LLCHD sees success in reducing COVID within UNL and LPS

COVID-19 cases in classrooms and on campus are dropping at a faster rate than those in the...
COVID-19 cases in classrooms and on campus are dropping at a faster rate than those in the community.(KOLN)
Published: Oct. 18, 2021 at 5:34 PM CDT
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LINCOLN, Neb. (KOLN) -This week is fall break for UNL and LPS students, marking the halfway point of the first semester and since the first week of school seven weeks ago, COVID-19 numbers on campus and in classrooms have been dropping. The Health Department said this is good news, not just for students but for the whole community.

Health Director Pat Lopez said she and the department work hand-in-hand with local schools, meeting weekly with K-12 administrators and twice a week with representatives from UNL. So far this academic year things are trending in a positive direction when it comes to COVID-19 in schools and on Campus.

“The biggest thing is there’s been a steady decline in cases,” said Health Director Lopez

10/11 NOW pulled the data from UNL, LPS and Lancaster County’s COVID-19 Dashboards, comparing the week the county’s mask mandate went into effect, the last week of August, to the first week of October, the most recent week complete data is available.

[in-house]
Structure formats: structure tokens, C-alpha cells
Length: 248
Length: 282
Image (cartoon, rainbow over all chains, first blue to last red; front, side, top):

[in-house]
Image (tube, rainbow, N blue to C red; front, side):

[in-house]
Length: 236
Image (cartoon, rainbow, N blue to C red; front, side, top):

The weekly number of cases dropped 88% at LPS, 77% at UNL and 42% across the county.

“It’s such a relief to know fewer students are getting ill, being isolated,” said Amy Goodburn, UNL.

UNL actually had its lowest positivity rate since the year started last week at 0.77%. Their voluntary vaccine registry also showed 75% of students have gotten the shot.

“We only have one student in isolation housing,” said said Amy Goodburn, UNL. “We’re thrilled with that.”

As for why cases in schools are dropping faster than those in the community, Lopez said there are a lot of factors, but the biggest is the mask mandate.

“I know the mask mandate has been really valuable on campus,” said Health Director Lopez.

She said this success spills into Lancaster County as a whole.

“At 30,000 students and staff they have a huge impact on our community,” said Lopez. “Even though they come and go.”

At the college level and those in K-12.

“Even if we’ve had to make some tough decisions that aren’t always popular, our goal has always been to keep students in school, in the classroom. for learning.” said Lopez. “For social emotional development.”

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